The iconic symbol of Hawaii has roots that stretch back to the 1930s.
The iconic aloha shirt: Today, you’ll see it on top models, brightening up the pages of Vogue, or showing up as playful, vibrant additions in collections from some of the world’s most celebrated fashion designers. Like Hawaii itself—the place for which this lively little clothing item has become an indelible, internationally recognized symbol—the aloha shirt has become eponymous with breezy, tropical style, beloved for a chill-meets-fun vibe and irreverent, cheery aesthetic.
As big-time and world-renowned as it is today, however, the aloha shirt boasts some pretty small town—or should we say small “island”?—beginnings. Those beginnings stretch all the way back to 1936 with Kahala Sportswear company co-founder, George Brangier, nine years after he met a certain surfer of the century, Duke Kahanamoku. Kahanamoku ended up teaching Brangier how to bodysurf, and then invited him to come visit Hawaii for himself.
Once Brangier did, he was hooked on the culture, and launched his first men’s clothing shop in Honolulu’s old Dillingham Building. Teaming up with Nat Norfleet, the two started clothing brand Branfleet, which was later renamed to Kahala Sportswear. It was the beginning of a distinct Hawaii story that would continue for decades to come – and is still going strong in 2018.
After all, “An aloha shirt tells the story of Hawaii,” points out Kahala General Manager Jason Morgan. “The aloha shirt is the world’s first multicultural garment. It’s a bit of the aloha spirit that you can wear, take with you, or give to a friend. It’s a sense of place.”
Indeed, Brangier and Norfleet crafted their first shirts from old silk kimono fabric from Japan, and sold them alongside coconut milk and pineapple juice at a stand in front of the old Outrigger Canoe Club. As the decades and trends came and went, the Kahala aloha shirts followed suit: mod in the 60s; long, disco-inspired collars in the 70s. The 80s brought pastel- and neon-splashed designs; the 90s saw a toned-down, reverse-print fabric revival. “Hawaii is continuously evolving,” says Morgan. “The aloha shirt is no exception. Going through our archives is like stepping through a time machine.”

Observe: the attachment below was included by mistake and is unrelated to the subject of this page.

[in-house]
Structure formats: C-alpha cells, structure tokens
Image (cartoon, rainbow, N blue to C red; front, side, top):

Today, Morgan and the Kahala team take care to stay true to the roots and Hawaii-centric values that started the company, while still keeping things fresh with new, modern artists and prints. The company is still family-owned and most of their pieces are still manufactured right here in Honolulu – a rare occurrence in today’s aloha shirt industry. The designs are crafted to reflect the lifestyle and vibrancy of Hawaii by a local, in-house design team, drawing inspiration from mountains, beaches, plants, animals and culture. “We’re constantly searching for and refining new techniques and perspectives, to tell a part of the narrative of Hawaii that hasn’t been uncovered yet,” says Morgan.
Recently, that has meant collaborations with talented, buzzworthy local artists, such as the late John Severson, whose work appeared in a recently released line of collector’s edition shirts. In 2019, Kahala will collaborate with vintage-vibing surf artist Nick Kuchar and Pow! Wow! Hawaii co-lead director Kamea Hadar. But, even as the Kahala team is looking ahead, they’re also always paying homage to the past, releasing re-imagined Heritage collection prints each season.
“Trends come and go, and right now the aloha shirt category is hot,” observes Morgan. “While the visibility certainly helps, Kahala was around long before aloha shirts were in the pages of GQ, Esquire, etc. – and we’ll be around long after.” It’s true that in Hawaii, the shirt is as ubiquitous as the balmy weather and swaying palms. Perhaps part of that is owed to versatility – from chilling at the beach to working it in the board room, they’re always appropriate. Or, maybe it’s because these shirts do more than just keep off the rain. They tell a lighthearted story about the Hawaii everyone knows and loves.
For his own part, you’ll find Morgan rocking his alohas in all manner of ways: Free-flowing, over jeans and Vans, or smartly tucked into chinos and Chukkas. “What’s great is how many people are being introduced to aloha shirts for the first time, and they’re having fun with it,” he says. “After all, that’s the point really.” It certainly is.
From “Hawaii Magazine”
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